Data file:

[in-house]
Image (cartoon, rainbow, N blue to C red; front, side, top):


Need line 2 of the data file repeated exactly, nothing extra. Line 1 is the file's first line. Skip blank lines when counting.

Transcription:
Image (cartoon, rainbow, N blue to C red; front, side, top):